Irregular situations create irregular individuals. I believe that is the best opening line for what’s about to follow.
Human beings have a certain fascination for the unusual, the uncommon, call it as you may. Something that goes above the limited understanding of our own physical or intellectual capabilities and it’s probably why the superhero culture is such a raging trend.

We are fascinated and curious about the unknown and what we struggle to understand.
Meet Beth Harmon, a recently found orphan, that had suffered the trauma of seeing her mom drawing her last breath — we can already draw an unparalleled comparison to the likes of say Bruce Wayne aka… The Batman after we witnessed his parents being murdered by a mugger. (Oh so so many times; please we cannot stand seeing them die through another reboot, and yes, that goes for you Uncle Ben)

What makes Beth so special? She is beautifully antisocial and at the age of nine, she learned how to play chess just by watching the janitor of her orphanage playing by himself. She eventually got to learn the intricacies of the game through him and Incredibly rapidly, surpasses him.

In the meantime, she picked up a drug addiction, unfortunately so, that would enable her to play chess through a phantom chessboard that would materialize on her ceiling after she indulges in the drug. So at night, when everyone is asleep, she replays her sessions in her head by looking at the ghostly visions and doing so, gets better every time at predicting her opponent’s move.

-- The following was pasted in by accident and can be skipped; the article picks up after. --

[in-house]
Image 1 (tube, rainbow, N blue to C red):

Let’s stop here for a second. What is it about a game of 64 squares that fascinate her so much? Is it the thrill of winning? Is it the fact that she can get lost in that little kingdom world of wooden pieces and be sucked in by all the strategies made to protect and save the Queen? Is it the welcome break from her reality? One that forces her to care more about Chess’s grandmaster strategies rather than cute little dolls? What is it? I feel people would have a different opinion on the matter.

Let’s not forget that It is the Cold War and Russia is a force to be reckoned with. It is also a men’s world and suffices to say, women have very little representation and power in the global society scheme of things and the show makes a point at depicting it as accurately as possible. By enlightening all the limitations women were possibly going through at the time, It is even more remarkable when a young prodigy, a female, to say the least, would take on what was at the time America’s biggest foe.

Very other excellent production came to mind when watching the show noticeably “Good Will Hunting” by Gus Van Sant, “Akeelah and the Bee” and even “The Imitation Game” by Morten Tyldum. Though they were all excellent at surfacing what a human mind is capable of doing when brought to its last retrenchment, Beth’s story left me with an undeniable feeling of loss as I was wrapping up the last minutes of the show.

Ultimately the Queen’s Gambit takes control of its audience, and even If you don’t know how to play Chess, the whole setting is dynamic enough to leave you on the edge of your seat. A must-watch and one of Netflix’s strongest original, in my opinion. And We haven’t seen that in a while.

Francis Manga